Thanksgiving for Thanksgiving’s Sake

This Thanksgiving we should collectively be thankful for at least one thing: Thanksgiving.

When Thanksgiving was first experimented with going back to President George Washington, the intent was that Americans should pause and give thanks for a day when harvest season is over. That actual date was Thursday, November 26, 1789. In 1863 President Abraham Lincoln proclaimed the last Thursday of November as Thanksgiving Day, a national holiday.

Then, along the path of history, Thanksgiving became ensnared in the net of commercial Christmas. In 1939, the last Thursday of November was also the last day of the month, leaving a shortened Christmas shopping season which could hurt the recovering economy. So President Franklin Roosevelt changed the observed date to a week earlier. Some states refused to change the date. Thanksgiving was becoming an impediment. 

In 1941, Congress found its wits and settled on the fourth Thursday in November to observe Thanksgiving. They did not prohibit Christmas shopping before Thanksgiving nor designate the day after Thanksgiving as National Shopping Day, although it seems like it was designed that way. The fact that it’s always on Thursday has some political history. You could look it up.

I’m sure the retailers view the holiday as an impediment to Christmas, their mother lode of the year. If we didn’t celebrate that day of thanks, Christmas season would start the day after Halloween or maybe just after Labor Day. For that, I am grateful, although we already have year-round Christmas stores and you can cry over a Christmas movie any day of the year on The Hallmark Channel.

For a lot of us Thanksgiving is just a water stop on the Polar Shopping Express headed for Christmas. But a lot of things happen during Thanksgiving. For most workers, the day after Thanksgiving is a paid holiday, making it into a four-day weekend. And, of course, that’s how Black Friday got started. You know, the day Christmas season used to start, with the hope of retailers everywhere that they will make a lot of money to put them into the black for the year.

Well, we know what happened to that. Stores started opening earlier and earlier on Black Friday, even at midnight on Thanksgiving. Then some stores opened on Thanksgiving Day about the time the second football game started. Then some stores just opened all day on Thanksgiving. Now we have Black Any-Day-of-the-Week and almost any day of the year.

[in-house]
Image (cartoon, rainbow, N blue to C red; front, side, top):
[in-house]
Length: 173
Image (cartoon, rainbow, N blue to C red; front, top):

The original Black Friday has lost its luster and many stores have gone back to just remaining closed on Thanksgiving and opening Friday at their usual time. And, hey, is there really a need to camp overnight in front of a store to be first in line to save a few bucks on a TV model that’s getting replaced soon?

Notice that all this craziness is not caused by Thanksgiving. It’s because of Christmas. Thanksgiving has morphed into what it is because of us and our lifestyles. The Thursday-Friday combo works well. It’s even better than the Monday holidays. It also provides people a chance to travel to visit the friends and relatives they won’t be able to see at Christmas. Look at how crowded airports are over Thanksgiving as proof.

This year there was an avalanche of Christmas ads on TV starting right after the midterm elections. We didn’t see them before the elections because of all the political ads. So pick your poison – nasty political ads or syrupy Christmas ads. And now Christmas movies are repeatedly shown on what seems like half the channels. On Thanksgiving Day there are now three pro football games instead of just two, improving the odds that your favorite team will be in one of them.

I don’t know how many Norman Rockwell-like Thanksgivings really happen anymore. You remember his painting of a whole family excitedly gathered around the table as grandma sets the big turkey down. I’m sure there are still lots of family gatherings like this, just more casual. It’s a large gathering if it makes the floorboards creak.

Churches still have Thanksgiving services, often now conveniently on the evening before. But attendance is low. People are traveling, preparing the many dishes for the big meal, or planning Christmas shopping. But some people actually relax and think about the many things to be thankful for. For just a day, we can stop worrying and be thankful for the past and what we have.

Thanksgiving is about the past, what got us here. Christmas is about the future, what to hope for. There’s room for both.

Let’s just try to keep them separate.

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